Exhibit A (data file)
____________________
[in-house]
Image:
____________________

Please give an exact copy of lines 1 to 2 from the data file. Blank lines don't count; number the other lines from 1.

[in-house]
Image: